This is true for both type 1, type 2, and even gestational diabetes (which works like type 2 while it lasts). With diabetes, the risk of developing a number of eye diseases goes up, including cataracts, diabetic macular edema (DME), diabetic retinopathy, and glaucoma. If you combine these diseases under the umbrella term “diabetic eye disease,” that makes diabetes a worldwide leading cause of blindness.
Having type 2 or gestational diabetes means that the body is unable to effectively use insulin to regulate blood sugar. Type 1 means that the body cannot produce enough (or any) insulin to begin with. When diabetes isn’t carefully managed, it results in periods of dangerously high blood sugar, which feeds harmful bacteria and makes the blood more acidic. So how does this impact eyes?
A diabetic person is as much as five times more likely to develop cataracts than someone without diabetes. Why? Because high blood sugar can make the lens of the eye swell and cause opaque proteins to accumulate there, which turns it cloudy. Thanks to modern cataract removal surgery, however, cataracts are very treatable.
When the blood is more acidic from high blood sugar, it can actually damage blood vessels. This is a big problem for the tiny capillaries that nourish the retina at the back of the eye. Diabetic retinopathy is when those capillaries leak. The body attempts to repair the damage by growing new blood vessels, but these are less stable and even more likely to leak than the old ones. There aren’t always symptoms at first, but a common one is dark blotches or floaters in the field of vision.
About 10% of people who get diabetic retinopathy eventually develop its cousin, DME, which is the buildup of fluid in the macula (the part of the retina that gives us our detailed central vision). The fluid distorts vision and washes out colors. It may need surgical treatment to restore more normal vision.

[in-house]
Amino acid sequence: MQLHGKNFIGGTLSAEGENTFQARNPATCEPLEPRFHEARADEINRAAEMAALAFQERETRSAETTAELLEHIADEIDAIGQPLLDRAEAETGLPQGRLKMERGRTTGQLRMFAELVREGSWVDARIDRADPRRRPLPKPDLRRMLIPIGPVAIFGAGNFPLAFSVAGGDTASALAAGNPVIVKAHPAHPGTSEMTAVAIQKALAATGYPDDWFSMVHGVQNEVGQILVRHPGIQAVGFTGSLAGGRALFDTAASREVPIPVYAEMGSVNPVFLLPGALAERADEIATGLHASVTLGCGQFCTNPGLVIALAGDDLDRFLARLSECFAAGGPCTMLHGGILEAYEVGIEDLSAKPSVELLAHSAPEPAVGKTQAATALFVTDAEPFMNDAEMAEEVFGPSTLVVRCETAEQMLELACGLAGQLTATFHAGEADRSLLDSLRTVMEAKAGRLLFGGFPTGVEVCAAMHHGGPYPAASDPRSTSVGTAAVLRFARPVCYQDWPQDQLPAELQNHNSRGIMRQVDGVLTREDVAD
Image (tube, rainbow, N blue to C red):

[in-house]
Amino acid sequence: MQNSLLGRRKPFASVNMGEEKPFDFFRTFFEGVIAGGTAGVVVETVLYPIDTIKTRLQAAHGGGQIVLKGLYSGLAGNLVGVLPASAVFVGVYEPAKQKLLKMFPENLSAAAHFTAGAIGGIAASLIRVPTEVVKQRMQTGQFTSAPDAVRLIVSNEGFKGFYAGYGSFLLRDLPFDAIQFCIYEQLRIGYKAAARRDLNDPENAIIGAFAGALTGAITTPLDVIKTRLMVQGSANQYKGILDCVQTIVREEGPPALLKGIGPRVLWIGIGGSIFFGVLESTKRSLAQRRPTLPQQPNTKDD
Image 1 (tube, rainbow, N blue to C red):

It might surprise you to learn that the fluid inside our eyes doesn’t just sit there for our entire lives. Our eyes are actually replacing that fluid bit by bit all the time, and it’s an important part of eye health. Glaucoma is what happens when that process gets blocked and pressure builds against the optic nerve until it causes damage (which can be as severe as permanent blindness). A diabetic is more likely to develop glaucoma, and it doesn’t always have obvious symptoms at first. The best way to catch it is with regular eye exams!
Regular eye exams are particularly important for helping diabetics protect their eyesight, because we can keep an eye out for early symptoms and reduce the risk of blindness by up to 95%. However, the most important thing is managing the diabetes. If the patient can keep their blood sugar as close to normal as possible, then they can reduce their risk levels for these eye diseases down to something closer to what people without diabetes experience. From there, we do the rest!